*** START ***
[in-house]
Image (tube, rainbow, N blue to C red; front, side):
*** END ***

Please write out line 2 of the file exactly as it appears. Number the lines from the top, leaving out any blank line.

Image (tube, rainbow, N blue to C red; front, side):